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This coming Sunday in Hollywood, people nominated for awards, people presenting awards, people with big upcoming movies to promote and retired industry has-beens with nothing better to do will assemble for the yearly production of The Academy of Motion Picture Arts & Sciences Awards, otherwise known as the Oscars. For the second year in a row, the prevailing buzz is that everyone is preparing for a terrible show. A prevailing buzz that, for a change, I tend to agree with.

A plurality of awards, likely including Best Picture, are all-but-assured to be scooped up by The Artist. An empty, momentarily diverting, gimmick-driven nothing of a movie destined to join the ranks of other immediately forgotten Best Picture honorees like … um … “That one with the kids in, uh, India I think?” and “That one about racism in LA, or something?” The night’s big too-close-to-call question is whether Best Actress will be awarded to Meryl Streep’s great performance in a thuddingly mediocre period drama or Viola Davis’ great performance in a thuddingly mediocre period drama. The show will be hosted by AMPAAS fave Billy Crystal, whose schtick was considered overly safe and oldschool when he last did it almost a decade ago. Hastily yanked out of comedy hypersleep when The Academy’s head-slappingly bad attempt at relevance in hiring Brett Ratner (a filmmaker who hasn’t been relevant himself in years) and Eddie Murphy (who hasn’t been relevant for even longer) to helm things blew up in their faces. At this point, if this doesn’t wind up as one of lowest-rated Oscars ever it will be close to a miracle. If opportunistic political bloggers don’t try to spin the coincidental contrast between these inevitably low ratings and the potentially heavy box office take of the military drama Act of Valor into something meaningful it will be an actual miracle.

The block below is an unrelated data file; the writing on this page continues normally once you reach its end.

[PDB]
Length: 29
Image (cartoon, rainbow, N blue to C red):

Meanwhile, the news cycle delivers one story after another of ideas that might have enlivened the evening getting shot down: The Muppets getting to perform their Oscar-nominated song? Not gonna happen. Sacha Baron-Cohen showing up in the guise of his character for The Dictator? He’s been banned from appearing to make sure he can’t do just that. Y’know, because heaven forbid something funny might occur.

How did this happen, exactly? Not necessarily the lack of import attached to the Oscars themselves – it’s been general smartypants common knowledge that The Academy (and other awards galas) is “just marketing” and “usually gets it wrong” since the beneficial demolition of faith in the media of the 1960s, and serious cineastes have rejected their picks out of hand for longer than that. But when did the show lose the value of its own spectacle? Forget about The Academy’s taste or lack thereof, when did this stop being interesting?

Part of it, to be sure, is a downward movement of popular culture. Interest in The Oscars once came from the desire to see beloved movie stars assembled together while popular entertainments battled for supremacy. Today, the couch culture has so thoroughly debased both of those things that it’s no exaggeration to say that J-Wow, The Situation and The Real Housewives are bigger stars to a strong plurality of Michael Bay’s America than most of the accomplished actors and filmmakers who’ll walk the red carpet on Sunday.